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Neighbours cry foul over Blue's proposed employee housing

Residents suggest employee apartments would be filled with people living 'fun, party life' a 'beer can toss' away from a 'quiet subdivision'
Dan Skelton (left), president of Blue Mountain Resort listens as residents express concerns about a proposal by the resort to build employee housing near the base of the mountain.

Neighbours of an employee housing project being proposed at the base of Blue Mountain are worried the concept will cause major disruptions in their lives and community.

Residents in the Martin Grove, Patricia Drive and Claire Glen community were out in full force at the Nov. 28 committee of the whole meeting for The Blue Mountains council. Speaker after speaker spoke about their concerns about the employee housing project being proposed by Blue Mountain Resort. The proposal would see two five-storey buildings constructed in close proximity to their homes. The buildings would be capable of housing up to 301 people.

Local resident Silvia Weismann appeared as a formal delegation at the meeting and a number of other neighbouring property owners spoke during the public comments section of the meeting.

Weismann said the proposed employee housing project would “create major disruption in the area.”

Her presentation included photos that illustrated the impact the housing project would have on the homes of neighbouring property owners.

“The employee housing is like a [short-term rental] on steroids,” said Weismann. “Once the employee housing is built, we’re stuck with it, no matter what.”

Weismann said local residents are looking for collaboration with the resort and asked council to support their efforts to find solutions to their concerns.

The council chambers were packed with local residents who applauded Weismann’s presentation and also supported other speakers on the matter.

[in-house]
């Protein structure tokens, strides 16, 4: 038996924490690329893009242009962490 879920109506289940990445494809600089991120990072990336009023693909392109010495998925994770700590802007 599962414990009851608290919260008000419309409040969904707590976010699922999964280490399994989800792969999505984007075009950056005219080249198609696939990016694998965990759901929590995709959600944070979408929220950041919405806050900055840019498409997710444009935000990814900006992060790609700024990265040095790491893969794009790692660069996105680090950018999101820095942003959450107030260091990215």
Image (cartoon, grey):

A number of other local residents also addressed council on the issue.

“Life as we know it in our neighbourhood will never be the same,” said John Shorthill, who has lived on Claire Glen for 51 years and he asked council to support the efforts of the neighbours to engage the resort on the option of an alternative site for the project.

Jim Greenway suggested the future residents of the apartments would be resort workers “living the fun, party life.”

“They will be within a beer can toss of a quiet sub-division of mostly seniors,” he said.

Another neighbour, Beata Grabowski, said there had to be another alternative for the project.

“Why not come up with a sensible solution and not impact anybody?” she said.

Multiple speakers also questioned the resort’s recent request for the town to approve a provincial Community Infrastructure and Housing Accelerator application to fast track the project.

Blue Mountain Resort President and COO Dan Skelton attended the meeting and was present for all of the comments and the presentation by Weismann.

He also spoke at the meeting and said the employee housing project is still working its way through the process and the resort wanted to work with neighbours to alleviate concerns.

“I’m here to reiterate our commitment to dialogue on this process,” he said, noting that the resort plans another public open house for the community early in the new year that will allow more community feedback.

Council’s only decision on the matter at the meeting was to receive the presentation from Weismann.

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About the Author: Chris Fell, Local Journalism Initiative reporter

Chris Fell covers The Blue Mountains and Grey Highlands under the Local Journalism Initiative, which is funded by the Government of Canada
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